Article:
Here is another in my series on SXSW events. I am pleased to be attending SXSW for the first time. I am grateful for Adobe Acrobat for enabling me to attend. I did some of the Adobe sponsored sessions. As I do with other events I will be posting my notes from most of the sessions I attend. This is the keynote session "Coding the Next Chapter of American History" by Jennifer Pahlka, founder and executive director of Code for America. Here is the session description.
“Challenging the tech community to change the world for the better is a big part of the core mission of SXSW Interactive. Code for America works with talented web professionals and cities around the country to promote public service and reboot government. Before starting Code for America, Pahlka spent eight years at CMP Media where she led the Game Group, responsible for GDC, Game Developer magazine, and Gamasutra.com; there she also launched the Independent Games Festival and served as executive director of the International Game Developers Association. Recently, she ran the Web 2.0 and Gov 2.0 events for TechWeb and co-chaired the successful Web 2.0 Expo. She is a graduate of Yale University and lives in Oakland, CA with her daughter and five chickens.”
Jennifer Pahlka began by saying it used to be six chickens. She is excited about being here in the SXSW community. Her Dad went to grad school in Austin and she took her first steps here. My Dad did the same and I also took my first steps here. She is here to talk about government technology.
She started with a story about an excellerator to discuss how to support civic startups. They want to help people who have problems. But most startups are begun by 25 year old Stanford grads who do not have a lot of needs. But they do have a lot of issues with encountering government such as dealing with the pot holes and parking tickets. I can relate to this. Most government apps were built in the 80s and many are broken and cannot be fixed. But this inefficiency is mostly invisible.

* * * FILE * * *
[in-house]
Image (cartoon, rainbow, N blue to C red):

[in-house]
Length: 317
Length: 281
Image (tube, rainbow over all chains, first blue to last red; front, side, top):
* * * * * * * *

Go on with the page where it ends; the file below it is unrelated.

Fed State and local gov spends $140 billion in technology. This is a huge market. My former large consulting employer did well with this market. But most people do not want to work with government technology. But this is changing. She gave examples including Boston where they have a pot holes detectors and my home town needs tem badly. Now if they would only fix them. Innovations are also happening on the neighborhood levels.
The will to do things in government is changing. They are trying to fix things rather than just complain. We have to engaging at lower levels of the system to be really effective.
Code for America was started two years ago. She has helped co-produce Enterprise 2.0 event. She convinced her boss, Tim O’Reilly, to start a government event. It was focused at the Federal level at first. A friend said that US cities are in a crisis and that is where the focus should be. People know more about what cities do. They can see it. A friend started Teach for America. So she started Code for America in the same manner to get people to help fix broken government IT. In January 2010 she asked cities to apply for this program. Thirteen cities applied for the program. They ended up with four contracts that could through procurement. Three cities carried forward. Boston, Seattle, and Philly. Glad to see my home town was involved. There were 6 people on the Boston team who passed around the same six ties everyday to meet the dress requirement.